Preventing Separation Anxiety

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preventing separation anxiety

Dogs naturally want to be close to the members of their pack, but teaching your puppy or dog to feel safe and comfortable when alone is one of the most important tasks you face as a pet owner. A dog with true separation anxiety panics when left alone and remains panicked until the owner returns. They may be destructive, eliminate indoors, bark or howl constantly or even harm themselves trying to escape their confines.

Preventing separation anxiety is much easier than treating it, so start with the following as soon as possible after your new dog joins the family.

1) Make coming and going a “non-event”

It’s natural to get excited when your new dog comes to greet you with gusto as you enter the house after being away, but resist the temptation to play into your dog’s enthusiasm. When leaving, do so without any announcements or goodbyes. Creating an event of coming and going can increase a dog’s anxiety level and can over time make it harder for your dog to accept time alone.

2) Practice “alone time” when you’re home

Make sure your dog has a space of their own and utilize it for down time when you’re home. Practice short 10-15 minute intervals paired with a fun activity, like a treat filled toy or a special chew. Alone time should be fun, not punishment. Practicing alone time will help prevent your dog from associating their special space with your departure.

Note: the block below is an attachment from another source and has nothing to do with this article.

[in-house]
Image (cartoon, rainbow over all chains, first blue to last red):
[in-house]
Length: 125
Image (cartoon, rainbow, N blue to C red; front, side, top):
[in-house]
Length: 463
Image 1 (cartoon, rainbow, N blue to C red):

3) Start the departure process well before you actually leave

Put your dog in their crate or special area with something fun to do well before you actually plan to leave. Take a moment to say your goodbyes and share your affection, then go on about your business. When you’re ready to leave, simply go without any notice to your dog.

4) Make sure your dog is properly exercised

A tired dog is a good dog! Practice your basic obedience or take your dog for a lengthy walk before you plan to be gone. Both physical and mental exercise can drain your dog’s energy and allow you to leave your dog in a quiet resting mode so they’ll be more likely to be relaxed or sleep while you’re away.  

True separation anxiety is a serious issue that often requires the help of a specialized trainer. If you need help managing your dog’s separation anxiety, please contact us today.